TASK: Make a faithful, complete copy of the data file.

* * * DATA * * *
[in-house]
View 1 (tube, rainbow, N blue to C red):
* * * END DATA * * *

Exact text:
[in-house]
View 1 (tube, rainbow, N blue to C red):